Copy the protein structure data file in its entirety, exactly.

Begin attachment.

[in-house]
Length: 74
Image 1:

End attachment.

[in-house]
Length: 74
Image 1: